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Historic Street Is Kept in the Dark


For more than a year, the people who live in a row of older houses near Avenue 50 have petitioned City Hall to embellish their historic Highland Park neighborhood.

They've sought a street name change and new street signs. They've also asked for old-fashioned street lights--and agreed to pay for them.

Yet last week, plans for the signs and the lights were still working their way through the city review process.

Although the street name was changed last summer, the new signs have not been posted because a crucial work order was lost, Los Angeles officials said. And the old-fashioned street lamps cannot be erected until the city finishes a yearlong study on how to handle requests for light poles that are less than modern.

This lack of progress has produced frustration for residents of the 4900 block of North Figueroa Street, which, barring further complications, should show up in next year's Thomas Guide maps as Sycamore Terrace.

"We were hoping by now to get the light fixtures installed," Ted Kitos, one of the residents, said last week. "We're not even to Square 1 yet."

In the fall of 1989, Kitos and most of his neighbors on the two-block street agreed to commit $7,800 per household for the short concrete light poles that were commonly installed through the 1920s.

Richard Barron, a Sycamore Terrace resident who is on the board of the Highland Park Neighborhood Assn., is equally upset by the delay.

"It's really frustrating," he said. "It seems like you're always battling with the people who should be glad that you're trying to do something good for the community. I often feel as though we're an imposition on them."

For residents, the delays are particularly distressing because the neighborhood is also seeking inclusion in a historic preservation zone proposed for portions of Highland Park. The old-fashioned lighting could strengthen their bid for this protection.

Historic preservation zoning would give Highland Park leaders more clout in preventing the demolition of older buildings. It would also empower them to review new development projects to be sure that their design is compatible with the neighborhood.

But Los Angeles planning officials said the historic zoning project, first discussed four years ago, is far from complete. The project was recently assigned to another city planner, who said she is just getting acquainted with it.

"We're still working on it now," said the planner, Estela Figueroa. "The Sycamore Terrace area is under consideration" for protective zoning.

An aide to City Councilman Richard Alatorre, whose district includes Sycamore Terrace, said Tuesday that she plans to sort out the bureaucratic tangle.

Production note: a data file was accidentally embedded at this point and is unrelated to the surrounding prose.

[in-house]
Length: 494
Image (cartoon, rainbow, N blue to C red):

"Any time the city hasn't done a good job of communicating the work that is being done, people get frustrated. And they deserve an answer," said Jeanmarie Hance-Murphy, Alatorre's planning deputy. "So we're going to pull together all the parts of this case and get them an answer."

Charles Fisher, a past president of the Highland Park Heritage Trust, said the Sycamore Terrace neighborhood has historic roots.

Sarah Judson, whose husband was co-founder of Highland Park, subdivided the neighborhood in 1894 and named the street Fredonia, after her New York hometown, Fisher said.

Fredonia was eventually dropped, however, and the quiet residential road became known as North Figueroa, the same as the major artery that runs parallel to it.

Linda Arnold, a cartographer with the city's Bureau of Engineering, said the residents have had a Figueroa address because their road is part of a wide easement that became city property when the main Figueroa Street was built.

Because there were two streets with the same name, the residents of what is now Sycamore Terrace said they constantly had trouble guiding visitors and delivery drivers to their houses.

Their petition for a street name change was approved by the Los Angeles City Council in August. Out of about 20 households, Arnold said, the city received a letter from only one homeowner objecting to the proposed change.

Although the name change was recorded, a work order for new street signs was misplaced.

"Unfortunately, this is something that just fell through the cracks paper-wise," James Gonzalez, a city transportation engineering aide, said last week. "For this case, I will put an expedite on it and get it manufactured as soon as possible."

Because the neighborhood has no street lights, the residents also requested the ornamental fixtures to deter lawbreakers without disrupting the historic character of the houses.

But after the request was made, City Council members instructed the Bureau of Street Lighting to conduct a study regarding special lighting requests. The bureau is reviewing costs, illumination requirements and the impact on passing motorists, said Tak Yokota, a senior street lighting engineer.

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